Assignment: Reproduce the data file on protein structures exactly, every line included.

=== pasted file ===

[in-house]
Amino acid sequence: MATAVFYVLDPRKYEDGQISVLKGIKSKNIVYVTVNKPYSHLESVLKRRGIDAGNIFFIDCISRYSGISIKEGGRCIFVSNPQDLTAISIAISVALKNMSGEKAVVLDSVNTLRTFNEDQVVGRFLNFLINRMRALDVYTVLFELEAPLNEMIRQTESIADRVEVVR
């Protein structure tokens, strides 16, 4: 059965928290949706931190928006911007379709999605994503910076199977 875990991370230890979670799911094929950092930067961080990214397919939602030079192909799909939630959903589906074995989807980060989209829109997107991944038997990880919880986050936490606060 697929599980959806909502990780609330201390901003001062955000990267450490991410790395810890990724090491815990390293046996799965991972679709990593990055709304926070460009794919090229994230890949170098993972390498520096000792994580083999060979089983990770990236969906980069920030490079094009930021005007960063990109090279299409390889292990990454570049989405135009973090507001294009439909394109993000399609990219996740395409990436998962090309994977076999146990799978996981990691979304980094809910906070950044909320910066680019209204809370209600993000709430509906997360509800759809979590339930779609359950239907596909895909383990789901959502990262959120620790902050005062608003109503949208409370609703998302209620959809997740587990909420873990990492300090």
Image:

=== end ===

[in-house]
Amino acid sequence: MATAVFYVLDPRKYEDGQISVLKGIKSKNIVYVTVNKPYSHLESVLKRRGIDAGNIFFIDCISRYSGISIKEGGRCIFVSNPQDLTAISIAISVALKNMSGEKAVVLDSVNTLRTFNEDQVVGRFLNFLINRMRALDVYTVLFELEAPLNEMIRQTESIADRVEVVR
């Protein structure tokens, strides 16, 4: 059965928290949706931190928006911007379709999605994503910076199977 875990991370230890979670799911094929950092930067961080990214397919939602030079192909799909939630959903589906074995989807980060989209829109997107991944038997990880919880986050936490606060 697929599980959806909502990780609330201390901003001062955000990267450490991410790395810890990724090491815990390293046996799965991972679709990593990055709304926070460009794919090229994230890949170098993972390498520096000792994580083999060979089983990770990236969906980069920030490079094009930021005007960063990109090279299409390889292990990454570049989405135009973090507001294009439909394109993000399609990219996740395409990436998962090309994977076999146990799978996981990691979304980094809910906070950044909320910066680019209204809370209600993000709430509906997360509800759809979590339930779609359950239907596909895909383990789901959502990262959120620790902050005062608003109503949208409370609703998302209620959809997740587990909420873990990492300090």
Image: